Matthew Kerkhoff, options expert and editor of Dow Theory Letters, continues his 14-part educational...
How to Predict Future Price on a Chart
07/27/2011 8:00 am EST
Using recent chart examples, see how to clearly identify price structure as it unfolds on multiple time frames, which then allows the trader to choose a strategy and spot confirmation or early warning signs.
Do you know how to quantify price structure? It’s not a difficult concept at all, yet many traders miss the benefit of taking a moment to assess objective price structure in the context of a developing trend.
Doing so allows you to assess objectively the next likely swing, and thus the most probable trading strategy to take. Let’s take a brief moment to review the basics of identifying price structure on multiple time frames.
Let’s start with a long-term weekly chart of the Philadelphia Housing Index:
We’ve heard it 100 times, but let’s refresh basic definitions of trends:
An uptrend is defined as a series of higher swing highs and higher swing lows.
A downtrend is similarly defined as a series of lower swing highs and lower swing lows.
To reverse a structural uptrend, price structure must make both a lower low and a lower high.
The point at which price makes both a lower low, then a lower high, then breaks under the newly established swing low is known as the “trend reversal price” and is the most objective point at which to call (or label) an official trend reversal.
Looking above at the housing index chart, we have a weekly structural uptrend from 2003 into 2006, as marked with a sequence of higher highs and lows.
However, price forms a lower high in early 2006 and then turns down to break under a long-term rising uptrend as shown. A break in a trend line strangely enough does not officially reverse a trend in terms of price structure.
Shortly after, price continues its power swing to the downside and officially breaks and closes under the two recently formed swing highs during June 2006 at the 230 index level.
I circled this spot as the trend reversal price, henceforth, the weekly trend was officially labeled as being down.
From there, the weekly structure continued to record lower swing highs and lower swing lows as the downtrend continued.
The structure finally changed in mid-2009 when we began to note minor new swing highs and swing lows, thus reversing the intermediate trend to the upside in late 2009.
From the May 2010 peak, a power swing to the downside recently took out the previously established swing low from late 2009 as a warning sign of potential future trend reversal back to the downside, but that’s beyond the scope of this educational post.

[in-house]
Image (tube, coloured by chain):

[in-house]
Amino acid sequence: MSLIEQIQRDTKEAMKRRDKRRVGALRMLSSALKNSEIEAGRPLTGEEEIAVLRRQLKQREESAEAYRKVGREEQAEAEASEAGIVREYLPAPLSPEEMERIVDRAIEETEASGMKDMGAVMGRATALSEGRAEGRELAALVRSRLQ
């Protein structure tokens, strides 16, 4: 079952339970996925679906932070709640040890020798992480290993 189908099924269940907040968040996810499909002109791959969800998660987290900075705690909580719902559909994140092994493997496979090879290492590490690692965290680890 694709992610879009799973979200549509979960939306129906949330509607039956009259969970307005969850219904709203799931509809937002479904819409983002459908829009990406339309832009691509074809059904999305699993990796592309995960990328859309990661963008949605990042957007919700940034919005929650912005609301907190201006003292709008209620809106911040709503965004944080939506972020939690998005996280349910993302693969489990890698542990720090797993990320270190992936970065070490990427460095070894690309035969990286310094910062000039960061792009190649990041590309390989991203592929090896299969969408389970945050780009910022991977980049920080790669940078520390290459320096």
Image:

Take a look at how I labeled each successive swing in terms of higher highs and higher lows, both on the primary (larger) trend landscape and in the smaller or intermediate landscape (particularly during 2007).
NEXT: Using This Logic on Smaller Time Frames|pagebreak|
You can identify long-term structural trends on the weekly chart, but if you’re a shorter-term trader than that, you can use the same logic on smaller time frame charts, including all intraday landscapes.
Let’s see a recent hourly structural trend progression in gold:
Moving right to the point, we see the hourly (intraday) structure forming a sequence of higher swing highs and higher swing lows from March to May 2011.
Even on the hourly chart, you can see smaller swings that build up the larger hourly swings in gold. These create trading opportunities for traders on the lower frames, with the simplest strategies being buying (putting on new positions) during pullbacks in lower time frame structure in the context of higher time frame structure.
Alternately, traders can play breakout strategies on intraday breakthroughs of a prior higher time frame swing high. Notice the continuity (burst) that tends to occur when price, in a structural uptrend, breaks to a new chart high (For example, April 6 above $1,440; April 15 above $1,480; and April 27 above $1,520).
NEXT: A Valuable Lesson from the LinkedIn IPO|pagebreak|
Structure can also be helpful even on the smallest time frames to guide decision making (and trades) as structure develops.
The IPO for LinkedIn (LNKD) received a great deal of attention (bullishly), but if traders took a moment to look at developing structure in the days after the initial hype, they would have seen a deterioration in structure and a reversal to an official intraday downtrend.
Here’s the IPO and structural trend reversal on the ten-minute time frame:
The hype was intense on the IPO date and shortly after, but as we moved into June, intraday structure officially reversed to the downside, allowing for short sales on each retracement up or for breakdown trades on each breakthrough of a prior swing low (such as $756 on June 9 and $70 on June 16).
You can even see minor swings (which you can label easier on the five-minute and one-minute chart) that comprise these larger swings on the ten-minute chart.
Intraday traders can do well by assessing structure as it develops.
It merely takes a moment to quantify objective price (trend) structure, and it’s often best to do so quickly on a clean chart of price only—no indicators are necessary.
Once you assess the current (developing) structure, you can plan your trading strategies more effectively, keeping in mind price levels that would serve as an early warning for potential trend reversal, and of course the official price that would confirm a trend reversal.
By Corey Rosenbloom, trader and blogger, AfraidToTrade.com
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